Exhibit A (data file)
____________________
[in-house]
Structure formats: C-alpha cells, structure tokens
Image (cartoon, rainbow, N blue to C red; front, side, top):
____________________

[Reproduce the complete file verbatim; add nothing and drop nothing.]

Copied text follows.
[in-house]
Structure formats: C-alpha cells, structure tokens
Image (cartoon, rainbow, N blue to C red; front, side, top):